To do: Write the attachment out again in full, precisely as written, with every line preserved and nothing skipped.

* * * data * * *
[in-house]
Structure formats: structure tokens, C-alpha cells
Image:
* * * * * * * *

[in-house]
Structure formats: structure tokens, C-alpha cells
Image: